The recall involves replacing components in the flawed
charging systems. They lacked a fuse that would cost
less than $5 and handle short-circuits, according to an
Invacare engineer, who was questioned during trial
preparations for a lawsuit over the death of Spencer
Lynch. The Plain Dealer obtained the pretrial documents.
Lynch, of Oklahoma, died from burns after his Invacare
Power 9000 wheelchair caught fire in June 1999. The
type of wheelchair he used sold for about $4,500.
Invacare engineer Ted Wakefield said "we didn't think
of it," when asked whether the company had considered
adding the fuse to stop the short-circuits at the time the
wiring harnesses were designed.
Invacare has settled Lynch's case and two others
involving deaths, in Georgia and Mississippi, brought
after wheelchair users died in fires linked to the
Confidentiality agreements struck in several of the
settlements cover not only the settlement amounts,
but also expert witnesses, who are restricted from
speaking about some aspects of the lawsuits.
One such case, the lawsuit brought by Lynch's parents,
settled for more than $20 million, according to legal
sources familiar with it.
Lawyer Walter Haskins, a partner with Atkinson,
Haskins, Nellis, Holeman, Phipps, Brittingham &
Gladd, of Tulsa, Okla., who represented Lynch's
parents, declined to comment about the case,
which was sealed.
"Invacare came down with a truck," picked up all of
the evidence, including the charred wheelchair,
Haskins said, "and hauled off."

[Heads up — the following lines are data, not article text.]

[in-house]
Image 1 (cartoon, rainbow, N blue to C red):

Early last month, Invacare settled with Davis, who was
burned when her wheelchair ignited after she began
charging the battery. She called the telephone
company operator, who traced the call and dispatched
the Fire Department. Firefighters arrived about
10 minutes after Davis called. A neighbor, summoned
by the operator, also tried to fight the fire with a garden
Before settling the case, Invacare admitted in court to
the defect, according to a transcript. On Aug. 8, Ted
Borek, Arizona Superior Court judge said, "At this
point, the defense admits and the plaintiff stipulates
to the following facts: 'And that is, that the design of the
charging circuit was defective; that the defect was
unreasonably dangerous.' " The company also admitted
that a fuse in the charging harness would reduce the
potential for fire and that Davis' chair should have been
designed with such a fuse.
By then, Invacare had notified many dealers about the
recall. The company sent letters in April 2000 and
September 2000 that refer to the likelihood of fires.
But Elder said there are a number of cases where "we
were not able to locate the dealer, the information on
The company also arranged for post cards about the
action to be sent to lists of consumers likely to be
using powered wheelchairs, such as disabled veterans.
A copy of one of the cards refers to the possibility of an
electrical short, but not to the risk of fire.
Inside a section on its Web site labeled product alert,
Invacare lists several Medical Device Field Corrections.
One that is dated March 2001 says the company
"initiated a field correction involving certain Invacare
power wheelchairs manufactured from 1988 through
June 2000." The notice says that the battery box harness
and a charger harness on some of those wheelchairs
have the "remote possibility to short and cause a fire,"
but it doesn't say which of the models are affected.